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Real Estate Bisnow
November 21, 2012 

The cost to build new multifamily assets is increasing dramatically (no Black Friday sales on drywall this year), and developers at Bisnow’s third annual Houston Multifamily Summit are definitely taking notice.
Our speakers: Wood Partners regional director Patrick Trask, Dinerstein Cos prez Brian Dinerstein, Hines managing director Kevin Batchelor, Greystar managing director Cliff Nash, and moderator Law Offices of Brian P. Cweren principal Brian Cweren. Cliff says overall development costs are up 20% in the last year and a half; lumber alone has increased 60% since 2011. (Chestnuts roasting on an open fire may break your bank.) And Hines is forecasting an 8% to 10% bump in construction costs next year. That’s driving yields down, especially for infill sites. But Brian points out that costs are not yet to peak levels, and he thinks it’s an equalizer that’ll prevent overbuilding.
Brookfield Mini3 HOU
Kevin Batchelor
Kevin says the dramatic increase in land pricing in the last 12 months is causing him to manufacture sites and create opportunities. (Hines’ recent acquisition of the original Café Adobe and impending redevelopment to a multifamily tower is one example.) Patrick believes it’ll push the next wave of opportunity out into secondary submarkets.
Bruce McClenny, Cliff Nash, Kristin Burton, David Wylie
During the networking hour, we ran into Cliff with Apartment Data Services prez Bruce McClenny, JP Morgan’s Kristin Burton, and ARA principal David Wylie. Cliff says there’s a labor shortage today that he’s concerned won’t be resolved until single family development rebounds. He’s seeing workers today demand they get paid weekly, which can change how much capital you need up front.
Patrick Trask
An increase in rents is offsetting construction costs. Patrick is underwriting 3% growth in Houston and not starting the clock until groundbreaking (or later) to be conservative, but he thinks we could see rent growth as high as 6%. Greystar’s portfolio saw 6% to 8% rent growth last year, and Cliff is projecting 4% growth in Houston for the next few years. Kevin is a little more cautious, projecting 3% increases, and thinks the rate will slow soon.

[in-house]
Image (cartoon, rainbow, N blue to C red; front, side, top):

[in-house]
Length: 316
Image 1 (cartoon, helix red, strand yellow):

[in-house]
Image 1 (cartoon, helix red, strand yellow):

Brian Dinerstein
The panel had mixed feelings about mixed-use. Brian says 60% of his projects nationwide have some retail component, often because cities require it for a pedestrian-friendly environment. Locally, his High Street project has retail thanks to its location on Westheimer, but he’s not a fan of playing in that sector. He believes mixed-use only works if the retail component could stand alone. Kevin, who says he used to be a big mixed-use guy, is now wary. He says it only works at a great location—apartments usually work where retail does but vice versa isn’t always true.
Mark Cantrell and Paige Pollack
Our sponsor Cantrell McCulloch’s Mark Cantrell and Paige Pollack. The Dallas-based firm opened its Houston office this year and is trying to increase its presence here.
We snapped our sponsor HAA’s Jeff Hall, Tina DeFiore, Andy Teas, Emily Hilton, and Aimee Arrington. HAA is partnering with UH Bauer College of Business to introduce a multifamily curriculum. It has a three-year agreement to develop the program and teach classes; Derek Hargrove and Jerry Winograd are teaching courses now. And HAA had its biggest event in history recently: Its chili cookoff boasted over 4,000 attendees.
Bury + Partners
Here is sponsor Bury + Partners. Steve Eklund tells us 60% of his firm’s work is multifamily these days. It’s wrapping up Post Richmond and working down the street at PM Realty’s project at Weslayan and West Alabama. And it’s about to kick off work on 3333 Richmond, a redevelopment of the SEC of Richmond and Buffalo Speedway. The site is becoming a mixed-use site with a 20-story hotel (featuring multifamily units on the top few floors) and 400k SF of office. It’s about to enter the construction drawings phase.
Have a blessed Thanksgiving! catie@bisnow.com
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